Chris Ruane: I thank my hon. Friend for giving way on that point. He is right about the 71% completeness, as of last year, but does he think that it will have a knock-on effect on the redrawing of boundaries? If the boundary change proposals are successful, they will go through in Northern Ireland with 29% of the population missing from the register.
Nick Smith: My hon. Friend makes a very powerful point. That is why the Electoral Commission called the electoral register the bedrock of our democracy: it decides how many people are in each constituency and where those constituencies are. It is essential that we get this right.
The management of continuous registration has not been able to cope with two important things: people moving home and people becoming eligible to vote. That is where it needs to be improved. The Electoral Commission has called for urgent action to remedy the situation and a more flexible form of annual canvass, so that households as well as individuals can update the register.
Siobhain McDonagh (Mitcham and Morden) (Lab): Does my hon. Friend agree that continuous electoral registration will at least be easier in Northern Ireland than in some parts of our cities, particularly London, where population turnover is a good deal higher and there is much more diversity?
Nick Smith: That is a very powerful point. The churn in London and our cities is much greater than it is outside.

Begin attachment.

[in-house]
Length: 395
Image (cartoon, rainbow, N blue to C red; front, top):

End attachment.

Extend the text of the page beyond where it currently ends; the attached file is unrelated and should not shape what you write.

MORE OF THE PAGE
Chris Ruane: I thank my hon. Friend for giving way a third time. Does he agree that churn is great not only in our cities and student towns, but in seaside towns? There are 52 principal seaside towns in the UK that have high levels of transience, and their registers will be down too.
Nick Smith: My hon. Friend has helpfully corrected me. He points to the difficulties of churn in many parts of the UK. I have been to the lovely town of Rhyl, and I know of the difficulties there in getting a complete register.
Last week, the Minister said that
“continuous registration is working for the majority of the population in Northern Ireland.”—[Official Report, 8 January 2013; Vol. 556, c. 142.]
Registration of 51% would be a majority, but surely that is wordplay and shows a lack of ambition; after all, 71% completion is failing nearly a third of the eligible electorate. The Government must up their game. Electoral registration needs to be professionally marketed and administered in all Government contact with the public, and perhaps with private sector data as well. Given concerns about under-registration, there should be a full carry-forward of postal or proxy votes for the 2015 general election. If that does not happen, the Government must ensure that sufficient resources are provided, so that as many postal voters as possible are verified and able to vote.